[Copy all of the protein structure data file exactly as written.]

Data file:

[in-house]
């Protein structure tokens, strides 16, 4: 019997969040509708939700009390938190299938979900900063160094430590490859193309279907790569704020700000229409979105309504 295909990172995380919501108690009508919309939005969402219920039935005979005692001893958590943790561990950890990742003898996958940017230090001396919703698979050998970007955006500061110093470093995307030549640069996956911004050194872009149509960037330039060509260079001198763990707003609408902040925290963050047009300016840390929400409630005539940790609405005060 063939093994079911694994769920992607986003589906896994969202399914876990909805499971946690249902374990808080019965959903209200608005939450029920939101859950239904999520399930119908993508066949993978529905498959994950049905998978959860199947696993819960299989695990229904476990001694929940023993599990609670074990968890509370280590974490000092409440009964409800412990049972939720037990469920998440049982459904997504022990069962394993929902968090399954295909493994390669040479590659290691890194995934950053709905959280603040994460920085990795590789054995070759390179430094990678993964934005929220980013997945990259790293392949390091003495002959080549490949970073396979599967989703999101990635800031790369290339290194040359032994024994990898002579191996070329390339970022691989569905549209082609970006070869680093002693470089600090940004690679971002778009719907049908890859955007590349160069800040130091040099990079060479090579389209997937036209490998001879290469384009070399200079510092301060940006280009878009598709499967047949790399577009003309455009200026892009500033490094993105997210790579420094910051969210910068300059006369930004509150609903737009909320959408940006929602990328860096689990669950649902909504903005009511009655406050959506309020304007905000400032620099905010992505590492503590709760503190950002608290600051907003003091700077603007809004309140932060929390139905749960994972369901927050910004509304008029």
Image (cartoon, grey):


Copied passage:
[in-house]
């Protein structure tokens, strides 16, 4: 019997969040509708939700009390938190299938979900900063160094430590490859193309279907790569704020700000229409979105309504 295909990172995380919501108690009508919309939005969402219920039935005979005692001893958590943790561990950890990742003898996958940017230090001396919703698979050998970007955006500061110093470093995307030549640069996956911004050194872009149509960037330039060509260079001198763990707003609408902040925290963050047009300016840390929400409630005539940790609405005060 063939093994079911694994769920992607986003589906896994969202399914876990909805499971946690249902374990808080019965959903209200608005939450029920939101859950239904999520399930119908993508066949993978529905498959994950049905998978959860199947696993819960299989695990229904476990001694929940023993599990609670074990968890509370280590974490000092409440009964409800412990049972939720037990469920998440049982459904997504022990069962394993929902968090399954295909493994390669040479590659290691890194995934950053709905959280603040994460920085990795590789054995070759390179430094990678993964934005929220980013997945990259790293392949390091003495002959080549490949970073396979599967989703999101990635800031790369290339290194040359032994024994990898002579191996070329390339970022691989569905549209082609970006070869680093002693470089600090940004690679971002778009719907049908890859955007590349160069800040130091040099990079060479090579389209997937036209490998001879290469384009070399200079510092301060940006280009878009598709499967047949790399577009003309455009200026892009500033490094993105997210790579420094910051969210910068300059006369930004509150609903737009909320959408940006929602990328860096689990669950649902909504903005009511009655406050959506309020304007905000400032620099905010992505590492503590709760503190950002608290600051907003003091700077603007809004309140932060929390139905749960994972369901927050910004509304008029």
Image (cartoon, grey):